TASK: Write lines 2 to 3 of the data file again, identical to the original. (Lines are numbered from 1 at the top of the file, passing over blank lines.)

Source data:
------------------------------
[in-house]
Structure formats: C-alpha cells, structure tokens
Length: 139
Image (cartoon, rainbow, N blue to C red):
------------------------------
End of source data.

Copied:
Structure formats: C-alpha cells, structure tokens
Length: 139